Also, two undergrads and one grad student sat on the original committee. The rest of the committee were professors whose teaching and research focuses on history, ethnicity, law, policy, etc., especially re: slavery and other historical injustices committed against Persons of Color. Students were critical to the report, but, more importantly, professors and historians with actual relevant experience and scholarship in the topic have been involved in the process since Day 1.

    By the way, Mr. Sweren, the Internet has been around for more than you probably have by now. If you attend Brown, chances are that you have swipe access into the Rockerfeller or the Sciences Library. Once you have entered, you can probably log into a computer in one of the computer clusters (my favorite is the SciLi basement) and click open a browser — I recommend Google Chrome or Safari. At that point, you may be able to cut short your wild goose chase and click on this link:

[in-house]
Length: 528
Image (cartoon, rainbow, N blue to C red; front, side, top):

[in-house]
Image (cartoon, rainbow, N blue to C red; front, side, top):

• Thanks for sharing these links. I agree that there are some students already aware of the Slavery and Justice report, and that’s great; but the fact is, there’s a big difference between a “well-known published piece of writing” and a “well-read published piece of writing.” I’d argue that the report is the former. Yes, it’s true: anyone can find the report entombed in the Brown University website. But the 250th would have been a great place to have a public forum, and to reach those people who didn’t or don’t have that curiosity or compunction or time to put down their massive amounts of homework and research Slavery and Justice on their own.